September 17, 2014
2 min read

Little difference in percentage of positive Lyme tests between labs

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Rates of positive Lyme disease test results were similar between a university laboratory, a commercial laboratory and two laboratories that specialize in Lyme disease testing, according to researchers from Columbia University.

“In addition to occasional differences in testing methodology, some of these laboratories provide two sets of criteria for a positive test, one based on the CDC recommendations and the other devised by the laboratory itself,” the researchers wrote in Clinical Infectious Diseases. “Some patients and clinicians believe that an [enzyme-linked immunosorbent assay] or [Western blot] obtained through a Lyme specialty laboratory may be more sensitive than comparable tests performed at a national commercial laboratory or academic center.”

The researchers obtained specimens from previous research protocols of 37 patients with Lyme disease and 40 healthy controls. The serum samples were sent for Lyme enzyme-linked immunosorbent assay (ELISA) and immunoglobulin M and IgG Western blot assays at four laboratories: one university lab, one nonspecialty commercial lab and two Lyme specialty labs (Lab A/Lab B). The two specialty labs also performed Lyme C6 peptide ELISA testing.

Among the samples from patients with Lyme disease, the labs had similar numbers of positive ELISA and IgG Western blot test results, but the number of discordant pairs between the university lab and the others ranged from eight for Lab B to 14 for Lab A. The university lab had the highest number of positive results using CDC criteria to interpret IgG Western blot: 56.8% vs. 43.2% to 48.6%. The number of discordant pairs between the university lab and the others for IgG Western blot results was similar.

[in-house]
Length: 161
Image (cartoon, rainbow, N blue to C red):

When using the CDC recommended two-tiered algorithm, the university lab had a 48.6% positivity rate vs. 37.8% to 43.2% for the other labs. Compared with ELISA alone, the CDC algorithm reduced discordant pairs between the university lab and the other labs. The two specialty labs also used in-house criteria for IgG Western blots. Using these criteria, the positivity rate at Lab A dropped from 43.2% to 37.8%. At Lab B, the rate increased from 48.6% to 70.3%.

The C6 ELISA demonstrated 100% specificity at both Lab A and Lab B. Positivity was 67.6% at Lab A and 62.2% at Lab B. The IgM test performed poorly at all labs. At the university lab, there was 21.6% positivity, and positivity ranged from 2.7% to 43.2% at the other labs.

“In light of the relatively high level of discordance among laboratories, some clinicians may consider sending patient sera to a second laboratory if a case of Lyme disease is highly suspected but not confirmed by initial testing,” the researchers wrote. “However, this practice should be restricted to those laboratories demonstrated to have good specificity on these tests.”

Disclosure: The researchers report no relevant financial disclosures.